Yves and daphne

​When we’re not getting the intimacy we crave


“Who is driving Timmie with his football team to the match this Saturday?”

“I’ll do the groceries after work, so you can pick up the car from the garage.”

“If Beth and Sue will be at our place for dinner at 7, we can still cram in a little visit to your parents before and ask them to take care of the cat and the plants during our holiday.”

Many of the couples that I work with live by their shared calendars.

They – like so many of us – run their household together like one would run a company, being colleagues of sorts.

Sometimes it runs like an oiled machine.

Sometimes….well…not so much.

But that’s life. And it’s great if they can – and hopefully most of the time – support their significant other.

After all, they’re doing life together.

But, (drum roll please!) they are also sharing a bed together.

And this is the reason why these couples come to me.

Because in the bedroom, often designated to be THE space in the house where both partners can freely be intimate and vulnerable with each other, the intimacy has dried up.

We kiss each other good night and good morning.

If we’re lucky, we mightspoon a bit at night, enjoying each other’s warmth and comfort.

But for many couples, often not even that.

We make a good household team, yes.

But then you wonder when passion and polarity went out the window?

Was it me? Is it you?

I don’t want sex.

Or at least not the sex I’m getting.

Why the fuck do they want sex?

No time. Too tired. Too anxious.

What happened? When did what happen?

I get to work with couples that want to change things up, and make their way back to a nourishing intimate connection with both themselves and their partner, both physically and emotionally.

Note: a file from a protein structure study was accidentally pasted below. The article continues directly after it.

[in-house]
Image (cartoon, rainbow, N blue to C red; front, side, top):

The first step is to have a conversation about what you want, and what you don’t want.

Or maybe even admitting to yourself in the first place that you really don’t know what you want. But that you are eager and open to find out. For yourself. For your partner. With your partner.

The second step is actually scheduling quality time with each other.

In the shared calendar.

If you can’t find or create space for that, it’s apparently not a priority.

Maybe it’s a good idea to ask yourself why this is not a priority?

And I’m not talking about needing to get to states of sheer bliss and pure ecstasy together, 24/7, experiencing every single day as a hedonistic party.

I’m talking about learning how to step into a loving and nourishing connection with each other.

When this connection is there, sensual and sexual things that feel great may happen.

You may find out what feels great.

You may find out what your partner truly likes.

You may even discover you can actually have a deep sexual experience while just stroking each other’s arms and hands.

Most importantly, you may discover how to be truly intimate with each other, in whatever form this presents itself in the moment.

To truly see your partner and feel truly seen by them is one of the greatest blessings one can experience in a relationship.

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